Growing your Visual Practice Business
Most creative people want to make stuff, not run the business side of things. Maybe this is familiar: you’ve launched your visual practice business (great!) and it’s been more than a year (congratulations!) and now maybe you’re wondering – how do I get more of the work I really want?
I’m home from teaching “Beyond the Basics” of graphic facilitation with Sophia Liang, and the smart questions from participants inspired me to map out some new visuals about growing a creative business.
First up: Find your focus. Or foci.
The field of visual practice is huge.
Therapy + visuals = art therapy. Education / studying + visuals = sketchnotes. Facilitation + visuals = graphic facilitation. Mediation + visuals = visual mediation. Visuals are expanding the edges of many fields. What else is possible with your unique background?
- What combination of visual work is part of your practice right now? Maybe it’s 50% videos and 50% graphic recording, or 20% x five different kinds of creative projects. No problem.
- Draw a circle and write down your work in the centre.
Then, draw out how you find new projects
You can recreate this diagram to help you understand how you are currently attracting opportunities. I think once you see things on paper, you can make strategic decisions.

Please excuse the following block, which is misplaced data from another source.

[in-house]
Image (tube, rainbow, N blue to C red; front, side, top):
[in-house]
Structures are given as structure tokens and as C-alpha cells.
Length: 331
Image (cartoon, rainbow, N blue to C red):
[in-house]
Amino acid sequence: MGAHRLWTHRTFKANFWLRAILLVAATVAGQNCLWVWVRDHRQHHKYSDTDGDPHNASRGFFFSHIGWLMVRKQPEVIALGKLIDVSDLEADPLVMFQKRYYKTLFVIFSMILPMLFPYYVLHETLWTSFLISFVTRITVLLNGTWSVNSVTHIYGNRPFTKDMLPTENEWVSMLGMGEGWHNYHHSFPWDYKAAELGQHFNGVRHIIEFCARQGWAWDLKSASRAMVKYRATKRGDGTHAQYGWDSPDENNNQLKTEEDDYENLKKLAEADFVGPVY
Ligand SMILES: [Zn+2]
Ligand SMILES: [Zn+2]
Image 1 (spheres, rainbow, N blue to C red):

Label the big areas around the circle. The categories are completely up to you. These ones are just to get you started.
For example, there’s word of mouth (yellow), referrals (green), or the internet (blue).
Then make your best guess on what the current percentage is that you’re relying on for each. If you think 50% of your new work comes from word of mouth, then in the middle circle, colour 50% of it yellow.
Finally: Action Planning
You’ve mapped the areas you want to focus on, now it’s time to grow the part you want, just a little.
Take a close look: what do you want to change in the centre? Imagine that the circle called ‘my work’ is a ring that could be moved around – maybe one year it’s all about the internet generating leads, and one year it’s about referrals from friends, colleagues, and your network. The circle can shift based on what works for you.
For example, to shift from more internet ‘leads’ to word of mouth work: reach out to existing clients with a newsletter, thank you note, or in-person meeting.
Basically, it’s about focussing your strategy. We all only have so much time – so it’s good to focus.
And from personal experience – don’t overlook the at-first-unpaid personal project that feeds you creatively. You never know where that will lead!